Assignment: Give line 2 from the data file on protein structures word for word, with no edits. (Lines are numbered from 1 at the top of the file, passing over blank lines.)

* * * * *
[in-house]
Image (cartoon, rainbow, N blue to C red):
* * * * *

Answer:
Image (cartoon, rainbow, N blue to C red):